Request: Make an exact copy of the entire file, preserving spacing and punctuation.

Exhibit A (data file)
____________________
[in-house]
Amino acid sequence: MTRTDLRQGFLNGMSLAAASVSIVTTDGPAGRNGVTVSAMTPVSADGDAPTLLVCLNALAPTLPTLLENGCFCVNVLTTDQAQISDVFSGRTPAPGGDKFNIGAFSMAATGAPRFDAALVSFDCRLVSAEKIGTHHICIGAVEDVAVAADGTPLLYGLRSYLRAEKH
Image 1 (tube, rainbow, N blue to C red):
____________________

[in-house]
Amino acid sequence: MTRTDLRQGFLNGMSLAAASVSIVTTDGPAGRNGVTVSAMTPVSADGDAPTLLVCLNALAPTLPTLLENGCFCVNVLTTDQAQISDVFSGRTPAPGGDKFNIGAFSMAATGAPRFDAALVSFDCRLVSAEKIGTHHICIGAVEDVAVAADGTPLLYGLRSYLRAEKH
Image 1 (tube, rainbow, N blue to C red):